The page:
Much of today’s post will be reflecting the news from IPC’s Blog. The output of Fern Abrams’ diligent efforts on behalf of the industry is important and useful; you can sign up to be notified of new posts.
First up, Abrams indicates that the Pack 9 “RoHS Exemptions [are] Unlikely to be Published before Fall 2017.” My prediction was “over the next few months”. Wrong. So any exemption phase outs, including expiration, will not occur until 12-18 months later, which put them into late 2018/early 2019. This is shortly before the process will have to start all over again!
Assessment of exemptions included in Pack 9 began on August 21, 2015. That was less than a year before the exemptions themselves were slated to expire – July 21, 2016.
If the treatment of Pack 8 exemptions is any indication, the expiration of exemptions that are extended as a result of the Pack 9 assessment process will generally occur on July 21, 2021 (for all Categories except 8 and 9), five years after the initial exemption expiration date. This means a new exemption extension request process can be expected to begin in 2020. So you won’t have to wait long to go through all of this again.
This is on top of a more general review of the Directive which, per Article 24 paragraph 2, is slated to be completed by July 22, 2021. The version of RoHS which comes out of this review will be considered “RoHS 3”. So again, stay tuned. RoHS will continue to keep you busy.
U.S. Conflict Minerals
As mentioned in my last column, Dodd-Frank in general is under fire. This is now policy. Again, per a link from Fern’s blog, the acting SEC Chairman, Michael S. Piwowar, has expressed concern about the “unintended consequences” of the “misguided” Conflict Minerals rule, specifically “a de facto boycott of minerals from portions of Africa” that is penalizing legitimate mines.
I’ve seen this happen with both clients and their suppliers; to not allow any material from the region is not the correct approach. In fact, I addressed it in a TTI MarketEYE column several years ago. The approach must be less broad and more specific in order to allow the rule to have even a remote chance of working without negative impacts.
I have to agree that a more sensible political, international, and non-industry-focused approach is required in order to resolve this situation in order to end this continuing human tragedy.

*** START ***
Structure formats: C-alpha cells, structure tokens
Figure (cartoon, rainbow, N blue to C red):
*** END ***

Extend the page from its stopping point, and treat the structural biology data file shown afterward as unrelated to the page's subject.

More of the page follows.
The comment period is open through March 16.
REACH Article-Related Reporting and Disclosure
Rather than issuing an update, as I predicted in December, ECHA issued a new draft of version 4.0 of the REACH Guidance on Substances in Articles (SIA) on February 1. It, along with the PEG (Partner Expert Group) comments, can be downloaded on ECHA’s Ongoing guidance consultations page. The PEG is a group consisting of representatives from Member State competent authorities, the European Commission, industry associations and environmental NGOs (non-government organizations). Comments on the previous draft were limited to the PEG, rather than opening it up to the public. Despite that, ECHA received 700 comments.
The examples in the draft have to a significant degree been changed to reflect basic or fundamental situations. Section 2.4 discusses the term “complex object”, which is “any object made up of more than one article” (what we have been calling a “complex article” in industry) and “very complex objects”, which describes most electronic finished goods (as well as most subassemblies or even components comprised of multiple simple articles like electrolytic capacitors). One must assess each fundamental situation in a complex object in order to put together a complete document to meet Article 33 requirements.
Section 3, table 5 discusses a variety of situations that are applicable to more complex “objects”, such as joining two articles using a mixture, and how to treat a candidate list SVHC in the mixture. This particular example may be applicable to the situation of an adhesive containing an SVHC used to attach an SMT capacitor to a PC board before it passes through the wave solder process. The weight of the SVHC is measured against the weight of the part and the assembly the adhesive connects.
However, they have punted on walking through complex situations like a printed circuit board itself, which is made from fiberglass sheets, pre-preg, copper foil, reacted epoxy resin, etc. In the PEG comments, ECHA says “The Guidance focuses on what needs to be done to comply rather than exactly how to do it (put it into practice). It would be more appropriate to provide such implementation approaches by industry associations’ own guidelines, which ECHA could potentially be involved in reviewing.” So manufacturers with questions should consider leaning on industry associations to produce industry sector-specific example guidance. Which means that industry associations need to invest in expertise. I’m available to help.
While there are also sections on Article 7 notification and registration of substances in articles, I must restate that these situations are rare and do not affect the vast majority of article manufacturers. The only time to really worry about Article 7 issues is when you are specifying substances for use in your article-product. And then, only when the use of the substances is unusual. Keep in mind that Article 7(6) excludes notification of a substance in articles if the substance has already been registered for that use. See section 3.3.1 of the draft SIA guidance.
This new draft has been shared with the Enforcement Forum. IPC indicates that the revised guidance now “will not be published until July or August 2017.” This will likely delay the Enforcement Forum’s plans to target substances in articles to 2018 as it will take some time for industry to digest and adopt the revised guidance.